We just released SymEngine 0.1.0:
) is a standalone fast
C++ symbolic manipulation library. Optional thin wrappers allow usage
of the library from other languages, we currently have C, Python, Ruby
and Julia wrappers. The Python wrappers allow integration with SymPy
SymEngine was previously called CSymPy, but we renamed it, since it
can be used from any language, not just Python. Even though the Python
wrappers are the most developed, and I am personally heavily invested
in Python and my long term goal is to figure out how to port SymPy on
top of SymEngine, as well as Sage on top of SymEngine. So that we can
have just one symbolic library, that is fast, but also has a lot of
features, either in terms of SymPy in Python, or eventually in C++
(that way other languages can benefit as well).
Here are build instructions for Sage:
we tested it on Sage Math Cloud. You can then use Sage with SymEngine
in it to run your favorite benchmark.
We also have some automatic benchmarks, some timings are posted here:
We benchmark both the Python wrappers (against Sage or SymPy), as well
as just the raw C++ library (against e.g. GiNaC).
Most of these benchmarks are synthetic, and so the problem with them
is that you can for example use a fast polynomial library to do them
faster. SymEngine seems to be faster than Sage on all of them, but if
you find some where Sage is faster, definitely let me know.
However, much better is to benchmark on some real applications. Here
is an example: https://github.com/certik/symengine/pull/10#issuecomment-129199481
that uses symbolics (as it has square roots, fractions, sin, cos and
other things) and it is benchmarking how long it takes to do a
derivative (once the expression is fully converted to Sage, SymEngine
or SymPy). The expression comes up when calculating equations of
motion for a bicycle using PyDy (http://www.pydy.org/
), you actually
need a Jacobian, but this is just one element of it.
And Sage seems 6x slower. The benchmark is here:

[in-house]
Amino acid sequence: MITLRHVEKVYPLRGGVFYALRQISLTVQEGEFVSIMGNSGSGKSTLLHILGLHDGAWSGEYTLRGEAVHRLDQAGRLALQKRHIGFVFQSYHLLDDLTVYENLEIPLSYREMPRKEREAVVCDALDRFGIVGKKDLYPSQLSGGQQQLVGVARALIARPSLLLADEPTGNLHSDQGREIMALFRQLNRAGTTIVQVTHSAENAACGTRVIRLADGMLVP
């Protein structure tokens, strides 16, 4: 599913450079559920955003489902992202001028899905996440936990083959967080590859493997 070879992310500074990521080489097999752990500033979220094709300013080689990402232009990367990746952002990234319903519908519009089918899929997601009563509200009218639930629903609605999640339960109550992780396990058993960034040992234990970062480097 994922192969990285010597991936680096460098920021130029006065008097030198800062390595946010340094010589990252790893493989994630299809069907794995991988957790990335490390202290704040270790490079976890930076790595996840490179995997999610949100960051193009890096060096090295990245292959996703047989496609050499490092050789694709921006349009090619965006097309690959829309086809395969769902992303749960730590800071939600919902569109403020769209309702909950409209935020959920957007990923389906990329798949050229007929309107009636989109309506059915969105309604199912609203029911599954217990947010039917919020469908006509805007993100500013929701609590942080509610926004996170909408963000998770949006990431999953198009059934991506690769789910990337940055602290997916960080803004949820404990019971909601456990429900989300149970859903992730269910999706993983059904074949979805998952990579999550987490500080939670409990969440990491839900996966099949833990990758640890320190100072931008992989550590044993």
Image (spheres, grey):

, it's the kane3.py. It
should be pointed out that Sage might arrange the final expression a
bit differently, so a meaningful benchmark is to do the whole bicycle
application, not just one derivative.
But so far my experience has been that SymEngine is faster than Sage
(sometimes significantly, I think 6x is a good speedup) and if you
find some application or a case when Sage is faster, please let me
What is the best way to maintain a package like this for Sage --- we
currently create an spkg, but I read somewhere that spkgs will be
deprecated? Right now we want to maintain it ourselves and make it
easy for people to try out and if enough people like it, we can start
discussing more how to make Sage use it by default.
As I said, that is my long term goal, but it is a lot of work. If
successful though, users and developers of Sage can then contribute to
it and then anybody else who uses SymEngine outside of Sage will
immediately benefit, and vice versa. And by being in C++, not just
Python users will benefit, since the main development is done in C++.
There are lots of people in Ruby, Julia, even Haskell who ask for a
symbolic package. And this can be it.
The C++ code is truly cross platform, we test every commit with
gcc/clang on linux, gcc/apple clang on OS X and MSVC/mingw on Windows.
I also test manually with Intel and PGI compilers. See here for more
There will be bugs that you might discover during building it, but
they can be fixed if you report them. Inherently it should build using
any recent C++11 compiler on any platform.
If you try it out, we would be interested in any feedback, both
positive and negative. Isuru has spent most of the summer making it
working well with Sage and improving the code overall. And several
other GSoC students have been working on it as well.